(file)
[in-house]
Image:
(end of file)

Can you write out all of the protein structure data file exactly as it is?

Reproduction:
[in-house]
Image: